ML and Haskell have amazingly powerful type systems. Their type systems, and to some degree syntax, have widely influenced the modern crop of languages. Both can achieve machine performance. Haskell has fantastic concurrency. Both have concise, boilerplate-free syntax -- some would say too concise. Both have the ability to build abstractions without impacting performance.
So why aren't there more Haskell or ML programmers? Like, it's fantastic that Rust and Swift borrowed some of their ideas, but why did it take two decades? Why do things like CoffeeScript and Go spread like wildfire instead? Go is especially bizarre because it's not really very different from Java in many ways, and a lot worse in others.
I'm sure there are many reasons. Tooling is important. Marketing is important. Haskell is (or perhaps just was) largely a research language. The first-time user experience is important. I don't claim to know every reason why some languages spread and others don't, but I know at least one thing: syntax matters a whole lot more than we'd like to admit.
Consider all of the bracing and spacing and indentation arguments people have about C.
Remember that brilliant people have whined about the fact that Python uses whitespace to indicate nesting, as if that materially affects how much work they can get done.
There are two ways to interpret this phenomenon. One is "stupid humans and their quirks and biases, if only the uneducated masses would see the light and focus on what really matters". Another is the realization that programming is a deeply human activity. A programming language lets humans take their human thoughts and map them into something a computer can execute. The aesthetics of that activity are important.
If a language is going to get adopted, at least without significant corporate backing, it needs to appeal to peoples' tastes.
Back to Haskell and ML. They have their proponents, but it's only until now that they're starting to dance with the mainstream. It's a shame, because software would be in a much better place if all the material benefits of ML and Haskell (bidirectional type inference, cheap and safe concurrency, sum types) had spread faster.
I'll share some relevant experiences.
My personal OCaml experience occurred in university. One day I decided to play with this OCaml thing. My rationale is perhaps embarrassing, but I quit for two reasons: the addition operator for integers is
+ but for floats it's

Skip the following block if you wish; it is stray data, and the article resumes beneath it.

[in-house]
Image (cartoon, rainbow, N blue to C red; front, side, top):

+.. The other thing was the pervasive use of
;;, at least in the repl. Honestly, it felt tasteless, so I dropped it and moved on, never getting to see the real benefits (polymorphism, type inference, modules, sum types).
Now, Haskell. I was part of the effort to get Haskell adopted at IMVU. The benefits of using Haskell were simply too great to ignore. But when we tried to get everyone to learn it, a nontrivial fraction of engineers developed a visceral aversion. "I understand all the benefits but... I just hate it." "Why do you hate it?" "The whitespace, $, the two let forms, the weird function names... I dunno, it's just ugly and I hate it."
It made me deeply sad that these seemingly superficial complaints prevented what should have been a slam dunk, at least when it came to safety and performance and maintainability and development speed.
When I joined Dropbox, I had some conversations with teammates about the benefits of something like Haskell (most people either don't know about it or think it's some academic obscurity), and I got a serious negative reaction to the idea of static types. "They're heavyweight." "They're hard to learn." "They hinder refactoring." "They hurt development speed."
None of these are necessarily factual. After I poked and prodded, I figured out that the resistance to the idea of static typing comes from prior exposure to things like C++ or Java (or Go), which have especially verbose syntaxes and type systems. This is similar to what happens with functional programming, where a common reaction to the idea is "Ugh, I hated my lisp class in college."
In subsequent posts, I will describe some of DFPL's design decisions.